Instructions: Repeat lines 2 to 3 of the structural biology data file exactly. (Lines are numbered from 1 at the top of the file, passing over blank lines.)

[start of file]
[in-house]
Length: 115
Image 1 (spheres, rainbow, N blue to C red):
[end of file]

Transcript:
Length: 115
Image 1 (spheres, rainbow, N blue to C red):